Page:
Picketing In the Open
The general method of picketing aircraft in the open was of a temporary nature using concrete blocks and screw pickets, the number and disposition of which were in accordance with instructions laid down for each type of aircraft. Where permanent concrete anchorages were available they were used, but no provision was made to extend them as it was considered that this type of picketing did not give the necessary flexibility required for a Group handling so many different types of aircraft. All other normal picketing precautions, as applicable, were also employed, such as chocks, locking controls, covers, etc, etc.
Functional Tests of Aircraft Hydraulic Systems
In an amendment to No 41 Group Technical Staff Instructions on 30 May 1944 it was laid down that ground functional tests of hydraulic systems were to be carried out on all aircraft before flight if these systems had not been air or ground tested for a period exceeding two months. They were also to be carried out if any work had been done which might affect the functioning of these services.
Where this could not be done in full due to lack of equipment on satellites or for any other reason, it was brought to the notice of the collecting pilot, who signed the Form 1860 accordingly.* It was left to his discretion as to whether he took the aircraft or not. In all instances where the undercarriage system was unserviceable or there was no emergency system the pilot flew the aircraft with the undercarriage locked in the down position.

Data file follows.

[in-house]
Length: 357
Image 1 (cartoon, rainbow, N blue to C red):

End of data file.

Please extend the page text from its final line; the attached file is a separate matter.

* Form 1860 was made out for every aircraft in stock and comprised a complete history of that aircraft whilst in No 41 Group. It was divided into sections covering leading particulars, engines, inspection on receipt by UID and Equipment Section, modification record, STI record, routine maintenance, record of work carried out, preparation for functional tests, certificate of fitness for issue, daily inspection and final certificate. This form was retained by the ASU on allotment.
Aero Engines - Protection from Corrosion by Inhibiting
Experience had shown that little more than seven days was sufficient to allow serious internal corrosion to develop in an engine which had not been run during that period, and on which anti-corrosion treatment had not been carried out. The only alternative to anti-corrosion treatment would have been repeated engine running, and as the limit for oil priming was five days this would have meant an engine run at least every five days. This repeated running would have meant an uneconomical use of man-power and waste of fuel, together with the heightened risk of engine starting failures.*
The policy was therefore to carry out anti-corrosive treatment on all engines which were likely to stand idle for a period exceeding seven days. The maximum periods of protection given by inhibiting, beyond which re-inhibiting or recurrent engine running was necessary, were eight weeks for short-term inhibiting and six to twelve months for normal inhibiting, according to whether the storage was outdoors or in permanent hangars. The period for American engines was six months under both conditions.
*E.g. 'Hydraulicing.' The mechanical failure of the engine normally caused' by cxe petrol or oil draining into the lower combustion chambers and creating a hydraulic Radial engines were particularly susceptible to this fault.
The Preparation of Aircraft at Units for Issue to the Service